Tammy Bird started writing fiction with strong female protagonists when she hit middle age and decided a sports car was too cliched. A literature professor by trade, she deemed it fitting to write about the kaleidoscopic prisms of human nature in her thriller/suspense stories and novels. Be warned, her work is psychologically hard and gritty and real. She believes she has the power to help other women through open and honest writing, even when (and especially when) it would be easier to create more palatable characters.
Your 2nd book, The Book of Promises, came out on May 1 of this year. What was the inspiration for the story?
I teach literature in a local community college. A year or so ago, while analyzing “Stone Butch Blues: A Novel,” by Leslie Feinberg, an older woman in my class said that the younger generation has it so much easier than we did. I say we, because the woman was about the same age as I am, which is 57. The younger LGBTQAI students jumped right in, and a wonderful discussion about what we faced then and what younger people face now ensued. By the end of class, we all had much to think about, and think I did. I also researched and interviewed. The end result was Promises.
Give us an insight into your main character. What does she do that is so special?
The story is told from the view of Chloe Imani Spencer Price. Her best friend, Molly didn’t like that both of their names ended with the same sound, and so Chloe became Spencer in third grade. It is Spencer who we meet in chapter one. She is in love with Molly, but identifies as straight as she enters her senior year of high school. She is a twin, belongs to the girl’s coding club at school, and enjoys a side hustle working as part of a team that creates wallpaper, themes, and widgets for a huge technology company. She is loyal to a fault, which is both a virtue and a curse, as the reader will see very quickly in the story.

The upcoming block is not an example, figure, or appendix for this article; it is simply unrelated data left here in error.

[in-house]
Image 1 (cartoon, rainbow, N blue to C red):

Which five authors would you invite to a dinner party and why?
Beth Burnett (If you haven’t read, Coyote Ate the Stars, go now. You can thank me later. Added bonus: She would bring Joy. ‘Nough said.)
Lynn Ames (Not only is her writing phenomenal, but her background is fascinating, as well. I learn from her every time she speaks.)
Rita Mae Brown (I owe her a huge thank you for writing words that showed a scared teen that she wasn’t alone in who she was inside.)
Octavia Butler (Her ability to create amazing worlds with timely morals is beyond me, and I want to suck her brain.)
Alice Walker (I love women’s lit, and I love women’s work that pushes the boundaries. Plus, hello. Alice. Fucking. Walker.)
If you were a cat, which book character would you be named after?
Right now, I’m going with Katniss. I feel like I am fighting my way through The Hunger Games Trilogy: The Hunger Games / Catching Fire / Mockingjay, and I am relying on others to do the right thing (though many won’t) and leaning heavily on those I trust.
What’s been the hardest part of your writing/publishing experience so far?
Marketing. I didn’t realize the time commitment AFTER a book is published. I love doing it. The connections I make are phenomenal, and my creative side really digs making pictures and coming up with ideas. But, oh my goodness how nice it would be to be able to pay someone to do a portion of it for me.
The Book of Promises Blurb
Spencer Price is living her best life in Denver Colorado.
But when Jordan Rohan kisses her, and her best friend writes it in their shared book of promises, she suddenly finds herself in a struggle between duty and independence, allegiance and betrayal.
Soon, two things become clear: There is far more to the kiss than Spencer first believed, and the person to whom she is most connected is hiding secrets far deeper and more dangerous than Spencer ever suspected. To uncover the secrets, Spencer must question the promises of the past. But doing so could bring death, not only to herself but to those who are her future.
Buy it here (Amazon Affiliated Links)